Larmer rips NHLPA execs, resigns

MIKE ULMER -- Toronto Sun

, Last Updated: 9:58 AM ET

Steve Larmer named names.

Ted Saskin. Alan Eagleson.

In a letter of resignation to the National Hockey League Players' Association, Larmer -- the union's consultant for player relations -- yesterday compared the NHLPA and executive director Ted Saskin to the owner-friendly union Alan Eagleson founded and ran for 25 years.

In doing so, he cited the most rotten name he could summon and rubbed Saskin's nose in it.

Eagleson's theft conviction netted him an 18-month jail sentence in 1998 and he remains the gold standard for what the union's members long believed they had outgrown. Cronyism. A lack of accountability. An impunity at the top.

"I am resigning because this organization has taken a giant step backward, back to the days of Eagleson where a select few made decisions for the group," Larmer wrote.

The union now is the focus of a National Labour Relations Board investigation instigated by one of its own members, Trent Klatt. Maple Leafs goalie Ed Belfour and centre Eric Lindros were among 50 players alleging illegality in the way Saskin was propelled into the executive director's job without a secret vote when Bob Goodenow was fired in July.

"He (Larmer) is a real stand-up guy, a real leader and a great teammate," said Ed Belfour, Larmer's teammate in Chicago. "It's a sad day when a guy like that has to leave the Players' Association because of what is going on."

The fact that Saskin walked into a salary that topped $2 million US a year also rankled.

Up to now, there had been little if any public criticism of Saskin by the players, only the system or lack of it under which he was hired. Saskin has been touring and meeting with teams and seemed quite capable of weathering the allegations of wrongdoing over his hiring.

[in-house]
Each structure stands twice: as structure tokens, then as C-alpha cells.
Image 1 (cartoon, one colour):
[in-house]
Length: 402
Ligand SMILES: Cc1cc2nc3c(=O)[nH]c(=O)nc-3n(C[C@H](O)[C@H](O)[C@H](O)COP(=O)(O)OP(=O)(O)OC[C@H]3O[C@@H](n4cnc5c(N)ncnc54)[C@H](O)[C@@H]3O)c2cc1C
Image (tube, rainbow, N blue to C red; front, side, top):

Now, the 44-year-old Larmer, a straight shooter who once went nine years without missing a game due to injury, has given voice to dissatisfaction with Saskin.

Larmer describes himself as one of the few players willing to take on Eagleson, who caustically rebuked players at meetings and kept a hand-picked cadre of supporters as executive members.

"I remember the Eagleson days when the PA was ruled by the minority and the majority was kept in the dark," Larmer wrote. "Our group of players challenged it, demanded change and received it. We all vowed those days would not return but lo and behold they have."

Larmer said the hiring procedure was initially designed as a hurry-up job.

"When Bob was asked to step down in late July some members of the executive committee hired Ted right away. They did so relying on information given to them by Ted. They did not follow the constitution or the bylaws. They were misled and made a wrong decision. A small group of players does not have the authority to do what they did, the full board should have been consulted prior to making any decisions.

"When a few players got wind of what was going and started to ask questions a conference call was set up to vote Ted in. Without prior information as to what the call was about after two hours a vote was held on whether or not to vote, it was 17 to 17.

"The call should have ended there, a warning to proceed slowly and do it right. Two hours later Ted was voted in but somehow this did not seem right, even to Ted."

The vote to hire Saskin, Larmer said, was tainted.

"Then we have the 'not-so-secret-ballot vote' where there is some active soliciting of votes taking place. This is totally wrong once again.

"What is even more disheartening is that those on the executive committee refuse to do what is right so as an organization we can begin the healing process. Ted is relying on the players playing the game and not paying attention to a most important matter that could affect many players for many years going forward."

Saskin said he didn't agree with Larmer's reasons for resigning, but thanked him for his service.

"I find this very unfortunate since he has not received accurate information on recent events and has never discussed any of his concerns with me," Saskin said in a statement. "Steve is obviously entitled to his own opinions and while I don't agree with his stated reasons for his resignation, I certainly respect his right to do so."


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